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A fossil free future for Cyprus

fossil

The fossil fuel era must end. We need an urgent and just transformation to a fossil free Cyprus

By Natasa Ioannou

Fossil fuels are hydrocarbon containing materials that form naturally in the earth from the remains of dead organic matter. Fossil fuels are collected and burned to generate energy in several forms, ie heat, power motors and electricity. Coal, crude oil, natural gas are common forms of fossil fuels.

The large-scale combustion of fossil fuels has major environmental consequences, because burning them produces about 80 per cent of the carbon dioxide (CO2) produced by human activity; around 35 billion tonnes per year. Fossil fuel combustion is the primary source of greenhouse gas emissions, which contribute to global warming and ocean acidification. Furthermore, fossil fuel particles and toxic gases are responsible for the majority of air pollution deaths. Extraction and burning of coal, gas and oil are heating the planet and destroying communities, hitting the poorest hardest. People in the Global South, black, indigenous, people of colour, women, youth and those on low incomes are disproportionally affected.

A global movement has emerged to phase out fossil fuels from our energy systems and promote just, safe, renewable alternatives to energy. We cannot keep using last century’s fossil fuels to power our life. It’s past time to repower our communities with clean, renewable energy derived from the sun, earth, wind and water.

A just transition to renewable energy must come hand in hand with stopping new fossil fuel projects and keeping all forms of fossil fuels in the ground. In order to end the climate crisis, we must stop all new coal, oil and gas infrastructure and ban future fossil fuel projects.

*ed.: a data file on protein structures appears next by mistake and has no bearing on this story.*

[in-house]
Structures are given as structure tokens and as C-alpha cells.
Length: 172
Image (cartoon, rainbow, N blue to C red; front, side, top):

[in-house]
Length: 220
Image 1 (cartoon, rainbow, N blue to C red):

Is a fossil fuel future possible in Cyprus?

Cyprus, being an island, is indeed an isolated system, and has the typical characteristics of isolated Mediterranean island grids: largely unexploited renewable energy potential, heavy dependence on fossil fuel imports, limited capability (ie low system inertia) to react to contingencies and events, high daily and seasonal demand fluctuation and no grid connection to neighbouring countries. Grid stability problems and mismatch between demand and supply become more crucial when dealing with a fossil free energy system.

These issues have been presented for the last decade and somehow energy officials have not kept up with the current research and case studies available.

Replacing conventional fossil fuel generation and improving system efficiency are the basis of new energy models being promoted in other energy isolated systems.

Energy storage systems can provide solutions to these issues and must be promoted in order to achieve our fossil free future. Scientific research is currently available supporting the fact that the application of large-scale battery units is the most suitable solution for continuous energy supply and storing the extensive renewable energy potential (especially solar) that is present in Cyprus.

Implementation of renewable energy communities is a democratic solution to providing a more efficient integration of renewables into our grid and providing safe energy for citizens. Energy communities can provide several small scale production and storage units that can stabilise energy demand and supply and provide self-sufficiency for many areas of the island.